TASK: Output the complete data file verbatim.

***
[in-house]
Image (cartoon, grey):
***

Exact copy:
[in-house]
Image (cartoon, grey):